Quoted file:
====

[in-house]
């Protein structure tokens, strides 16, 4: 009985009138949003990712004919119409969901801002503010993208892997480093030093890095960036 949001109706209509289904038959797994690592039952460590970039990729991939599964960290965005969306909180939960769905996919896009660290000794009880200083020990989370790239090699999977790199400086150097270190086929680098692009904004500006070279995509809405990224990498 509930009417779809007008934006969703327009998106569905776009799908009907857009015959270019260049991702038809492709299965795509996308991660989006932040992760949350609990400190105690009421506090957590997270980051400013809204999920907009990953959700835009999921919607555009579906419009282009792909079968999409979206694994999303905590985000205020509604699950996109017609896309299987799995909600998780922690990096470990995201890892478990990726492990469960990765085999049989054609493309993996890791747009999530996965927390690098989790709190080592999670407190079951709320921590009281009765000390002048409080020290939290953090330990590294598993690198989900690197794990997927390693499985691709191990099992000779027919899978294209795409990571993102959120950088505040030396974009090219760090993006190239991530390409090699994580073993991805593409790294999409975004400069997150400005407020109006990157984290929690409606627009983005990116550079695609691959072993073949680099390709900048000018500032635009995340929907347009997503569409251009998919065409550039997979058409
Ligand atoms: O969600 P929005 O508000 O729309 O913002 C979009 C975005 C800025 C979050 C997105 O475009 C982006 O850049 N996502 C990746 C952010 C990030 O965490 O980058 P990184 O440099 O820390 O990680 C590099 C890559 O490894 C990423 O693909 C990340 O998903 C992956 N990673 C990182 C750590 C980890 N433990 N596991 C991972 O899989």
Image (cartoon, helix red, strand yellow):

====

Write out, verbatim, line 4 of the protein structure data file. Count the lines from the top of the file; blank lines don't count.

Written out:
Image (cartoon, helix red, strand yellow):